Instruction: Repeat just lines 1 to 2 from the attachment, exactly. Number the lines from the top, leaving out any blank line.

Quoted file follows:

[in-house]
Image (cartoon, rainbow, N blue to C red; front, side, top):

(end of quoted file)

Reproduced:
[in-house]
Image (cartoon, rainbow, N blue to C red; front, side, top):